LAPD detective Joe Gavilan, who moonlights as an estate agent, and partner K. C. Calden, a wannabe actor rehearsing A Streetcar Named Desire, investigate the shooting of a rap group while Gavilan comes under the scrutiny of Internal Affairs.
American critics and box office analysts hailed the poor US performance of Ron Shelton's cop comedy-drama as the death knell for the action man career of Harrison Ford. Yet the accent on action misses the point. Adept at creating male characters who feel compelled to reveal themselves through talk - see Bull Durham or Tin Cup - Shelton uses the buddy cop genre, for the most part, to explore two goofy characters at the expense of huge explosions and obvious one-liners. And if that means the pacing goes awry and the storytelling meanders, surely that's preferable to the same old, same old.
Recalling his quirky character turns in American Graffiti, The Conversation and Apocalypse Now, Ford is at his grizzled, laconic best, transcending the standard world-weary cop stereotype. Watch him flip out in an attempt to commandeer a car, or read Blanche DuBois' lines from A Streetcar Named Desire opposite Hartnett doing Stanley, and you'll be reminded of his genius for deadpan comedy.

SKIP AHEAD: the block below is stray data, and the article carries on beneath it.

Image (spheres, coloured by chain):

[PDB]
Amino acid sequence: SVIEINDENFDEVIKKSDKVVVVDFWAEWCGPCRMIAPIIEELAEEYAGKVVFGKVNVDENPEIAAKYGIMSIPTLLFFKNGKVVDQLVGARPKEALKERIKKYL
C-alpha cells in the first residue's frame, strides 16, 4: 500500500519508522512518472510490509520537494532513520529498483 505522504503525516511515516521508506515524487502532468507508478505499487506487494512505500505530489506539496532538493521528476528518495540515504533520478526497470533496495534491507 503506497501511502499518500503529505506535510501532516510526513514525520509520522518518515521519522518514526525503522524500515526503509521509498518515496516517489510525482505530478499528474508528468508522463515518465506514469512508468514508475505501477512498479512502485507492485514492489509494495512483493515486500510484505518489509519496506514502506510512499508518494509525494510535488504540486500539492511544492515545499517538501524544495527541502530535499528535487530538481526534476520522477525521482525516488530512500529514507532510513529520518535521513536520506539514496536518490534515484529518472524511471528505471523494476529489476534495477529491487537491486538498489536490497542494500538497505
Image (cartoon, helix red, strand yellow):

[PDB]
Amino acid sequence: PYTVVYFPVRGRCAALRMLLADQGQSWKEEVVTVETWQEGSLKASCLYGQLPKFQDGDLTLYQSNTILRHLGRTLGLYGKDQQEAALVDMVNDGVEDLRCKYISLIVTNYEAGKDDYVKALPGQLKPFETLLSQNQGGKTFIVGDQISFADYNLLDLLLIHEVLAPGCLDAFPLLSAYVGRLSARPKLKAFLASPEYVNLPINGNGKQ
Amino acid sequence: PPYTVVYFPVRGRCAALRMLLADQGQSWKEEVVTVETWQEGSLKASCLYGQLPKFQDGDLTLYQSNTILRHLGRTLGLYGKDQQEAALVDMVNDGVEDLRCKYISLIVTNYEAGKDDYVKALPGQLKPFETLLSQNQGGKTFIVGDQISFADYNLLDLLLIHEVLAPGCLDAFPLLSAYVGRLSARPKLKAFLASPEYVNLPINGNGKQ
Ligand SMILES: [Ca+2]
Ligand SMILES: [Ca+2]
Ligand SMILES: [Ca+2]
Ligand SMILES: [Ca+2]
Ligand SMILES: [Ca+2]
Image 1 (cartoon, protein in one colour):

As likable as ever, Hartnett gives as good as he gets as an actor trapped inside a cop's persona, teaching yoga to bangable babes and giving his sage advice mid-car chase. Where the movie falls down is in the cop conventions that surround the central pairing.
The plot through-line of Gavilan and Calden investigating the death of some rappers is a disappointing detective story, peppered with forgettable villains and a contrived subplot involving an Internal Affairs investigation.
The final, extended chase is annoyingly conventional (despite the sight of Ford on a kid's bicycle) compared to the nice character beats and originality built up in the first half. Which is a shame, as Ford and Hartnett deserved a better finale to their promising pairing.
Neither the post K-19 return to form Ford fans might have hoped for, nor the failure its disappointing box office performance suggests, Hollywood Homicide offers great value when it gives its likeable stars room to breathe and banter. It once again offers proof that Harrison Ford’s deft comic touch remains one of Hollywood’s most neglected assets.
Reviewed by Ian Freer